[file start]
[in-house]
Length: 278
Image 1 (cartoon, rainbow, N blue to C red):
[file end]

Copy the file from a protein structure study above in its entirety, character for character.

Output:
[in-house]
Length: 278
Image 1 (cartoon, rainbow, N blue to C red):